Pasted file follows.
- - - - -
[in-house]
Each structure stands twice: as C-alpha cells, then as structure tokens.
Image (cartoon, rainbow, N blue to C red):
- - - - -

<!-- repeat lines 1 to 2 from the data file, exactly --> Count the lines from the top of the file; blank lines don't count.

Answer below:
[in-house]
Each structure stands twice: as C-alpha cells, then as structure tokens.